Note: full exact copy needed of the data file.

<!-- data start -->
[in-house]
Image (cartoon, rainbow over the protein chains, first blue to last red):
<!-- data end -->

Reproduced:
[in-house]
Image (cartoon, rainbow over the protein chains, first blue to last red):